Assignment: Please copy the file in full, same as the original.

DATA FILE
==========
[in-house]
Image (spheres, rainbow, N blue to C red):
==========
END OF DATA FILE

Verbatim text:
[in-house]
Image (spheres, rainbow, N blue to C red):